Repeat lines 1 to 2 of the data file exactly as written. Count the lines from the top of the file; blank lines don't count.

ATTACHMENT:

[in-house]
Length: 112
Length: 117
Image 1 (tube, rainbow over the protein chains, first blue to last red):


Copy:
[in-house]
Length: 112